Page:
Sunday, May 13, 2012

Here's the Beef: Where's the Beef?

Know what's delicious? Bacon.  Know what's a tasty addition to almost everything? Goat cheese.  Guess what I ate a lot of in 2010.  Give up? Pizza. And quesadillas.

When I went vegetarian and eventually vegan, I didn't suddenly decide that these things don't taste good. I made a decision that my desire for certain flavors really didn't justify the death and suffering that comes with them.

Within the realm of foods that I have no ethical objection to, I eat the ones that taste good when I can, the ones that taste okay when necessary, and avoid the ones that taste bad.  Them's some pretty simple criteria.  Using this program, I don't reject good tasting food because the ingredients aren't what I expected.  I've never, for instance, thought, "Wow, this is the best blueberry pie I've ever eaten, but they thickened it with corn starch instead of flour, so I'll buy that blander one down the street where they use flour."

Which is why, a few short weeks into baking for profit as well as fun, I'm feeling a little frustrated.

I knew going into it that getting vegan food to the general public would be an uphill battle.  "Vegan" is a word with a lot of baggage, conjuring images of asceticism and denial, visiting judgment on omni eaters, and linked to its extremist cousin raw foods with all the peculiar culinary acrobatics that go into crafting familiar-food analogs from walnuts and agave syrup.  Going in, my plan was to make awesome stuff, send up the vegan Bat-signal to let them know it exists, but not market it specifically as vegan.  I'm a child of the 80's and I've internalized the core lesson of the Pepsi challenge:  what people like and what they think they like aren't always the same, and that gap is largely a function of ephemeral concerns like image and marketing.

But as it happens, my first customer is a conventional bakery, and the fact that they carry my wares is specifically a function of the fact that I bake without eggs and dairy, an alternative option labeled accordingly.  It wasn't necessarily in the original plan, but I'm grateful to have a steady outlet where my stuff sells well.  And in the first batch, two sold to my friends, one to a girl whose vegan friend needed cheering up, and one to someone who made no mention of it being vegan.  It's a small sample, but it leaves room to hope that I might still appeal to a wider audience even with the scarlet V on the label.

Then I took some samples to a coffee shop.  The owner knew before I arrived that the samples were vegan and after asking some questions about ingredients and process she asked, "But you only do vegan, right?"

When I said yes, she got a far-away, disappointed look.

"'s just that we're looking for someone who can do other things too."

"Well, try the samples and see what you think.  If you can taste the difference, more power to you, but I think you'll find they're not any different than conventional," I said.

In the course of our fifteen minute conversation she mentioned that they wanted someone who could do "other things that aren't vegan" at least three times, always wearing a little frown and using that let-you-down-gently tone that says, "It's not you, it's, actually, it's definitely you."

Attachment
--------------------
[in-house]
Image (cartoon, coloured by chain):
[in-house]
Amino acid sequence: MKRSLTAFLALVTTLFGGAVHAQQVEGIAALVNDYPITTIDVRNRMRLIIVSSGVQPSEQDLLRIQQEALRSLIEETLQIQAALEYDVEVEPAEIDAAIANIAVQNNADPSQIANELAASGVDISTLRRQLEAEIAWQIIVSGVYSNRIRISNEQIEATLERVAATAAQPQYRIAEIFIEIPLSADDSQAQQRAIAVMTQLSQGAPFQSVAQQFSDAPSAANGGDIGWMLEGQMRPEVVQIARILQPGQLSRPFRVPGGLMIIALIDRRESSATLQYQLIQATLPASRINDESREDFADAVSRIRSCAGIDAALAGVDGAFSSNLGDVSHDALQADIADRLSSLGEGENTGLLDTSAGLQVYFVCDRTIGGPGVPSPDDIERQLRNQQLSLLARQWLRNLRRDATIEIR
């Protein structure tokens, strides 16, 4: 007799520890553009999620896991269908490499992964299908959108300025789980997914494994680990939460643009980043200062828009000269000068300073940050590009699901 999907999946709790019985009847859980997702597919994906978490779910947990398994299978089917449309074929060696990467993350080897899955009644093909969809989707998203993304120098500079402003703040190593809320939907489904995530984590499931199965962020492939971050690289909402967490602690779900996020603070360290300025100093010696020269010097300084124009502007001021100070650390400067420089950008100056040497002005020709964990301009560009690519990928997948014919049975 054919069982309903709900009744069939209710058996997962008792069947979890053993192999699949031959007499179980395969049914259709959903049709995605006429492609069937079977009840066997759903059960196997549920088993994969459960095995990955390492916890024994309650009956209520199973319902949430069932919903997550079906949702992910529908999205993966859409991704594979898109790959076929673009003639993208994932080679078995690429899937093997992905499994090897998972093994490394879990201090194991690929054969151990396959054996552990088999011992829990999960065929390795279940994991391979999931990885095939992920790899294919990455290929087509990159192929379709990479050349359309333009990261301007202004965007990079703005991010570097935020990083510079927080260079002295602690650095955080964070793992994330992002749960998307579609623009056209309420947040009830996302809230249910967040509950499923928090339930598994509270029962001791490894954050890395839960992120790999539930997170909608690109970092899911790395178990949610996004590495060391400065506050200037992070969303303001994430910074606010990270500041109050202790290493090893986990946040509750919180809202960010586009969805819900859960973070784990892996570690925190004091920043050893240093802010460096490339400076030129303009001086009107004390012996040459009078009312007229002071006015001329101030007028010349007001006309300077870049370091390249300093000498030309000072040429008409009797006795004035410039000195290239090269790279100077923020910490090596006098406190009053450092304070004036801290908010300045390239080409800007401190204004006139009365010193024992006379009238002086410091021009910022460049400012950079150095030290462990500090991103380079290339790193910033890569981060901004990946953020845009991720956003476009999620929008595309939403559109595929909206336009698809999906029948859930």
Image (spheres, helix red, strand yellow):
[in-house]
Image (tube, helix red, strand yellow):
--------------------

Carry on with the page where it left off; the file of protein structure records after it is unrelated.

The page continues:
And fine. It's her business, it's her decision, but it's dumb.  Not just because I think I make a really great product (which I do), but because it was a decision that very clearly had nothing to do with the actual product and everything to do with her gut reaction to the idea of vegan.

I have a tasting coming up with a large corporate concern to make a bid for snacks at their meetings, etc.  I have not mentioned that I'm a "specialty" baker, nor do I plan to.  More than one person has asked if I've told them, and to a person they've responded with surprise when I say no, as though I'm planning to scam the elderly out of their pensions.

But I'm not tricking anyone into eating something they object to -- the ingredients are the same as most conventional items,  and I'm fairly sure no one's looking to get their protein or calcium from the egg in a cupcake or the scant amount of milk in frosting, so I'm not depriving them of any expected benefit.  I'm offering tasty treats.  If they reject them because they don't like them, or don't like the price, or because I can't do the volume they need, I can accept that because those are reasonable, reality-based issues.  But I won't put myself in a position to lose business based on vague ideas about what a recipe should be like instead of what the product actually is.

Someday I'll have a brick and mortar establishment, a little cafe with pastries and cakes and soups and sandwiches like any other cafe with pastries and soups and sandwiches, except there won't be any meat or animal products.  I won't point it out, and most people won't notice.  I'm not looking to proselytize, I just want to make awesome food consistent with my ethics and stand or fall on the strength of my skill.

And as my semi-estranged father told me the other day in a moment of casually shocking intimacy, "That's what I've always admired about you...when you want something, you go to the mat to get it."

Thanks, Dad, I guess I do.  And I will, I just want a fair fight.